Review: This Queer Angel by Elaine M Chambers from Unbound

Engrossing, deeply personal and at times funny testimony from a compelling point of view. An important addition to the growing cannon of modern LGBT+ history.

Available to buy in E-Book direct from unbound.

Paperback is available from your bookseller of choice.

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I better get this bit out of the way up front. I do have a bias here, I’m passionate that these stories of the fight for LGBT+ rights and the personal experiences of those impacted by centuries old bigotries should be told. I’m also a gay man. So, when I first heard about this book around two years ago, I supported it on Unbound. I’m proud that my name appears in the patrons list at the front, and I was excited for it to arrive when it saw publication just a few weeks ago.

This Queer Angel tells Elaine’s story, her background and upbringing, her family life and the road that led her to a career as an Army nurse. In highlighting the horrendous and nonsensical homosexual ban in the armed forces we get a sense of the injustices done to the LGBT+ community down the years and also of how far we have come in a relatively short time. Most of the events described around Elaine’s Army career, eventual forcing out and the campaign for change, through the formation of Rank Outsiders, and compensation that followed occurred during my lifetime, I’m thirty-five. The Army now places 55th on the Stonewall Top 100 of inclusive British employers, and Captain Hannah Graf has been named Stonewall Trans Role Model of the Year 2019. That’s incredible progress.

Despite such progress and for those of you who may be reading this from outside of the UK, you might not be aware that LGBT+ families are under attack again in this country. There is an ongoing protest in Birmingham against a primary school that is teaching children about families in an inclusive way. This protest is starting to spread, some schools in Manchester are starting to hear from parents who are ‘concerned’ (read: homophobic). I mention this for two reasons, one it horrifies me that we as a community could possibly be the subject of this sort of protest in 2019, it shows that whilst some positive progress has been made there is still a lot of hate and fear out there. And secondly, because This Queer Angel talks really compellingly about the importance of representation for LGBT+ youth. If we don’t educate and represent inclusively from a young age then there is no context in which to frame experiences growing up. Elaine talks about this in the early chapters, framed in her own experiences and in the lack of available books, TV shows etc. during her teenage years in the 1970s.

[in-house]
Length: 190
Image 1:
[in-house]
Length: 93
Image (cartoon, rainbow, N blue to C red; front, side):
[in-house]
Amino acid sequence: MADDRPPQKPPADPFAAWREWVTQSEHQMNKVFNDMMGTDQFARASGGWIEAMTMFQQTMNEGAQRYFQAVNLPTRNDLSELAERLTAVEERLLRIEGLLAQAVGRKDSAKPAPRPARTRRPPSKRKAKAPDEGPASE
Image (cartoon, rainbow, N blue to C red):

Elaine has written the book in an almost conversational style, you feel like you are sitting with her in the pub hearing this tale over a few pints. In composing a compelling oral history style narrative, I couldn’t pay a higher compliment. This is a clearly very personal story, that has had a long-lasting impact on Elaine’s life, we’re not talking about an isolated incident here from which a person moves on, this isn’t an episode in a life, rather it’s a defining event that would inform Elaine’s path for decades to come. There is anger here at what was lost, at what could have been, quite justifiably but its owned in an almost brutally honest way. No punches are pulled when describing her own life and at no point is there pretension to perfection. This decision to be open and honest makes for such a relatable story, even if the events aren’t familiar we can all see an element of ourselves or our family and friends here. Which makes the ban and the overall attitude to the LGBT+ community at the time even more bizarre. Yet, despite all this there is humor throughout. I found myself giggling on the bus when reading about POETS day (Piss Off Early, Tomorrows Saturday).

LGBT+ history and cultural studies is a small but steadily growing area of non-fiction writing. The section in my local Waterstones (Manchester Deansgate, the biggest outside of London) is still only a handful of titles really, and largely focused on men. Well written, readbale, relatable, funny, heart breaking, compelling, This Queer Angel will stand up over time as a hugely important addition to this growing cannon, and one which in time I’m confident will be recognised as trailblazing in highlighting lesbian experiences and the associated campaigns for change.

 

 

 

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